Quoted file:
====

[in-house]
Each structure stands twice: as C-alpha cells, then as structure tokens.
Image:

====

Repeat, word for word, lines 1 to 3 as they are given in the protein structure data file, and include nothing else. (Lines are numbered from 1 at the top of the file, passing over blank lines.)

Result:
[in-house]
Each structure stands twice: as C-alpha cells, then as structure tokens.
Image: